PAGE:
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Joseph Norman Lockyer



Sir Joseph Norman Lockyer (May 17, 1836 – August 16, 1920) was an English scientist and astronomer. Along with the French scientist Pierre Janssen he is credited with discovering the gas helium.

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Biography

  Lockyer was born at Rugby in Warwickshire. After a conventional schooling suplemented by travel in Switzerland and France, he worked for some years as a civil servant in the British War office. He settled in Wimbledon in south London after marrying Winifred James. A keen amateur astronomer with a particular interest in the sun, Lockyer eventually became director of the solar physics observatory in Kensington London.

In the 1860s he became fascinated by electromagnetic spectroscopy as an analytical tool for determining the gas composition of heavenly bodies. Lockyer identified a yellow strip in the spectrum of the sun that conventional scientific opinion of the time held as a known element under extraordinary circumstances. To Lockyer it suggested the existence of a previously unknown element in the sun. He named this element Helium after the Greek word 'Helios' meaning 'sun'. Lockyer's discovery was eventually confirmed in the 1890s. To facilitate the transmission of ideas between scientific disciplines, Lockyer established the general science journal Nature in 1869. He remained its editor until shortly before his death. After his retirement in 1911, Lockyer established an observatory near his home in Salcombe Regis near Sidmouth, Devon.

Originally known as the Hill Observatory, the site was renamed the Norman Lockyer Observatory after his death. For a time the observatory was a part of the University of Exeter, but is now owned by the East Devon District Council, and run by the Norman Lockyer Observatory Society. The Norman Lockyer Chair in Astrophysics at the University of Exeter is currently held by Professor Tim Naylor, who heads a star formation group there. Lockyer crater on the Moon and Lockyer crater on Mars are named after him. Lockyer died at his home in Salcombe Regis in 1920.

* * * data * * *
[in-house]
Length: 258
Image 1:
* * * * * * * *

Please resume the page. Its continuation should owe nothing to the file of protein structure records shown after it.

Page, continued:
Publications

  • Elementary Lessons in Astronomy (1868-94)
  • Questions on Astronomy (1870)
  • Contributions to Solar Physics (1873)
  • Star-Gazing, Past and Present (1877)
  • Studies in Spectral Analysis (1878)
  • Report to the Committee on Solar Physics on the Basic Lines Common to Spots and Prominences (1880)
  • The Movements of the Earth (1887)
  • The Chemistry of the Sun (1887)
  • The Meteorite Hypothesis (1890)
  • The Dawn of Astronomy (1894)
  • The Sun's Place in Nature (1897)
  • Recent and Coming Eclipses (1900)
  • Inorganic Evolution as Studied by Spectrum Analysis (1900)
  • The Influence of Brain Power in History (1903)
  • Stonehenge and Other British Stone Monuments Astronomically Considered (1906; second edition, 1909)
  • Education and National Progress: Essays and Addresses, 1870-1905 (1907)
  • Surveying for Archœologists (1909)
  • Tennyson as a Student and Poet of Nature (1910)
 
This article is licensed under the GNU Free Documentation License. It uses material from the Wikipedia article "Joseph_Norman_Lockyer". A list of authors is available in Wikipedia.
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